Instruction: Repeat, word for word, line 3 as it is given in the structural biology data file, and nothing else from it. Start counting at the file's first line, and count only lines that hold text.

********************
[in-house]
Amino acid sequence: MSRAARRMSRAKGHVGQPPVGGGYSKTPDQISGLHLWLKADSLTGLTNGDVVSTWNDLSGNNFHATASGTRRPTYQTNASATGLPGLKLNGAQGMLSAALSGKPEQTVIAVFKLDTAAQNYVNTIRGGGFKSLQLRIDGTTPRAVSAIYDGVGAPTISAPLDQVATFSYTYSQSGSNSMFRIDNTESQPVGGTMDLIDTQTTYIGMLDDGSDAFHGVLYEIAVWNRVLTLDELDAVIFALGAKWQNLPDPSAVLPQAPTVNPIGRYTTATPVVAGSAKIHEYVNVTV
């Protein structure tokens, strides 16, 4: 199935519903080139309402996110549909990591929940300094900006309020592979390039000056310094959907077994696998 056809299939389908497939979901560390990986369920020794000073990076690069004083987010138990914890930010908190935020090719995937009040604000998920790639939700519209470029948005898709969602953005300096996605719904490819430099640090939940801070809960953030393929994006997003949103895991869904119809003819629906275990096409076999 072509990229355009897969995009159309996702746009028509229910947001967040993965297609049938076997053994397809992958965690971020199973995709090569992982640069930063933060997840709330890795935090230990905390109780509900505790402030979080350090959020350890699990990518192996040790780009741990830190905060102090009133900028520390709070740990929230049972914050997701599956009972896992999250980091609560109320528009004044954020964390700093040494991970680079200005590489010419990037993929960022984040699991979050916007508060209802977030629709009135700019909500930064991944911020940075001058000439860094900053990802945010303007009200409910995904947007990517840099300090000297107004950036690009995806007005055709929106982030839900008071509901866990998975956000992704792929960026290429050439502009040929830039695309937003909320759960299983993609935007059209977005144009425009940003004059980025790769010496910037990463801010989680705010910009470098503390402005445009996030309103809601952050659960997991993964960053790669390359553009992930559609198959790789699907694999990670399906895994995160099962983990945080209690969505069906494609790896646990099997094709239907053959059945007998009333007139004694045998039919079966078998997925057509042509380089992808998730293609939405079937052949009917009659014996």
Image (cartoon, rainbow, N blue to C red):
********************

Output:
């Protein structure tokens, strides 16, 4: 199935519903080139309402996110549909990591929940300094900006309020592979390039000056310094959907077994696998 056809299939389908497939979901560390990986369920020794000073990076690069004083987010138990914890930010908190935020090719995937009040604000998920790639939700519209470029948005898709969602953005300096996605719904490819430099640090939940801070809960953030393929994006997003949103895991869904119809003819629906275990096409076999 072509990229355009897969995009159309996702746009028509229910947001967040993965297609049938076997053994397809992958965690971020199973995709090569992982640069930063933060997840709330890795935090230990905390109780509900505790402030979080350090959020350890699990990518192996040790780009741990830190905060102090009133900028520390709070740990929230049972914050997701599956009972896992999250980091609560109320528009004044954020964390700093040494991970680079200005590489010419990037993929960022984040699991979050916007508060209802977030629709009135700019909500930064991944911020940075001058000439860094900053990802945010303007009200409910995904947007990517840099300090000297107004950036690009995806007005055709929106982030839900008071509901866990998975956000992704792929960026290429050439502009040929830039695309937003909320759960299983993609935007059209977005144009425009940003004059980025790769010496910037990463801010989680705010910009470098503390402005445009996030309103809601952050659960997991993964960053790669390359553009992930559609198959790789699907694999990670399906895994995160099962983990945080209690969505069906494609790896646990099997094709239907053959059945007998009333007139004694045998039919079966078998997925057509042509380089992808998730293609939405079937052949009917009659014996």